It's The Law
Knowing your rights in any insurance claim and fighting a rejection
At the end of the year, I usually get a call from my insurance agent, asking me to review my policies with her to make sure my wife Caroline and I have the coverage we need and aren’t paying for coverage that we don’t. Even if your agent isn’t as customer friendly as mine, it’s a good idea to take a look at your policies.
But what happens if you submit a claim to your insurance company, and your carrier wrongfully denies it or won’t give you an answer? What are your rights under Texas law?
Here’s an overview, but there are two things you need to remember before we get to that. First, follow the rules and procedures to the letter; there’s no reason to let some technical error get in the way of your claim. Second, always make a paper trail.
That means communicating in writing if at all possible. If it’s a phone call, sending a follow-up letter confirming what you talked about is usually a good idea. The insurance company will (usually) keep a record of your conversations, and you should too.
Please note that there are some special rules governing fire loss claims, and they’re not included in this article.
1) Take a Look at the Texas Department of Insurance’s Bill of Rights
In an effort to appear to help consumers (i.e. folks like us), the Texas Department of Insurance adopted a “Consumer Bill of Rights”. It applies both to homeowner’s and renter’s policies. Your insurance company is supposed to send you a copy of it with your policy and renewal confirmation, but in case you “misfiled” it, you can get a copy here. The Consumer Bill of Rights isn’t a comprehensive statement on your legal rights, but it’s a good place to start.
2) Know the Statutory Timing Rules for Claims Processing
Chapter 542 of the Texas Insurance Code dictates the time in which your insurance company has to process your claim, but the clock doesn’t start ticking until you provide written notice to the carrier of your claim. Once you do that, the company has two options.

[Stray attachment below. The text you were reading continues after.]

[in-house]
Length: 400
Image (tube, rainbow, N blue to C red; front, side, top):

First, the carrier can accept or reject the claim, but it has to make that decision within 15 business days. If the insurance company accepts the claim (this is, obviously, the best-case scenario), it has to pay you within five business days. If the insurance company rejects your claim, it has to provide you with a written explanation as to why. More about what you can do to fight a rejection, later.
Second, the insurance company can decide that it needs more information about your claim before accepting or rejecting it, but it has to begin the investigation and notify you in writing within that same 15 business days. If the carrier decides to investigate, it will probably ask you to provide a “proof-of-loss form” and documents.
The “proof-of-loss” is a signed, notarized statement detailing the damage/loss, and providing an estimate as to the replacement or repair costs. When you’re preparing a proof-of-loss, it’s a good idea to get an estimate from a contractor for the repairs, and you can go online and look at current prices for the property you need replaced. Remember to include sales tax.
As far as documents go, you’re only obligated to give your carrier documents that relate to your claim. For example, you don’t need to turn over your tax returns unless you’re claiming lost income. Conversely, you would need to turn over receipts and any estimates for repair.